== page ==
To be more concise and effective, always edit out “in order” and simply leave “to” in your advertising, marketing and public relations writing.
You’ll improve the impact, the POP!, of your writing without changing meaning almost every time.
- In order to achieve invigorating writing, use active voice.
- To achieve invigorating writing, use active voice.
- We provide technical training in order to increase your efficiency and reduce overall costs.
- We provide technical training to increase your efficiency and reduce overall costs.
But what about that pesky “almost” above?
Purists will spew some grammar mumbo-jumbo about how “in order to” is a subordinating conjunction. Huh? They’ll also say that when you drop “in order” you lose the underlying meaning of the phrase, which more clearly conveys intent than “to” alone. Your intent is to achieve invigorating writing, they’d say, and “in order to” conveys that more clearly. Same goes for the desire to increase efficiency.
They’re right. After all, they’re purists; being right is their job.
But who the heck even knows what a subordinating conjunction is. Right? Plus, here’s the thing –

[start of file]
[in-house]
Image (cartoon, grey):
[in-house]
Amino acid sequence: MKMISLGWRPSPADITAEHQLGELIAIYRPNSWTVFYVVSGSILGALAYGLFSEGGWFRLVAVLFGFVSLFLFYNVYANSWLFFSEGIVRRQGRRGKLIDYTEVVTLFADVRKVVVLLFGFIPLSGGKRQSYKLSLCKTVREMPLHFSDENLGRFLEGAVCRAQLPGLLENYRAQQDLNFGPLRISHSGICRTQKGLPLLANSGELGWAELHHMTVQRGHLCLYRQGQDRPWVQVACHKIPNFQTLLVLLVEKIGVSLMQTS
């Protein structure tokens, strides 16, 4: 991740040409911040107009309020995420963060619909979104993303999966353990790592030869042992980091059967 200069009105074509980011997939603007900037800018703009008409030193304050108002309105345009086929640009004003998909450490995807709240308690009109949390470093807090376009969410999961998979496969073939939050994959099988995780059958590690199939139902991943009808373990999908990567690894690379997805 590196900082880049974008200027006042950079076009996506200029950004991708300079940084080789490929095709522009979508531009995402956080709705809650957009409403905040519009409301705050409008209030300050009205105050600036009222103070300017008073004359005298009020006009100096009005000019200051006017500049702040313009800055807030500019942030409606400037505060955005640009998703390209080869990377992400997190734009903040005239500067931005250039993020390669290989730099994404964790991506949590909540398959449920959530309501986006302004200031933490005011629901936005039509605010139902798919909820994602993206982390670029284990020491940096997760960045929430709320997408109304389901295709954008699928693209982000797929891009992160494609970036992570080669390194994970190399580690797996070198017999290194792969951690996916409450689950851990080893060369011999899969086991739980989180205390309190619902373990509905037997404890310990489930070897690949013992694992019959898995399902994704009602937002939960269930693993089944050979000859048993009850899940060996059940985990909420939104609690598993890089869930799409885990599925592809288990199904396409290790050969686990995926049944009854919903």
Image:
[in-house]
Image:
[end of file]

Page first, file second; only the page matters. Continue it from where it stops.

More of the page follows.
Randomly ask 100 people which is more correct in those situations – “to” or “in order to” – and I’ll bet 99.99 percent of them won’t know the difference. Or give a rat’s patootie.
Which brings us back to Rule #2 for marketing writing: brevity.
(Rule #1 is to answer the Golden Question of Marketing – What’s in it for me?)
Dropping “in order” keeps your copy shorter, punchier.
It might not seem like much, but over the course of a longer brochure or training video, dropping the two extra words makes a difference.
If you’re writing a novel or an in-depth assessment of foreign affairs, by all means, write “in order to.” I don’t want you starting any wars because the intent of your sentences wasn’t absolutely clear.
Otherwise, go with “to,” especially in advertising, marketing and public relations.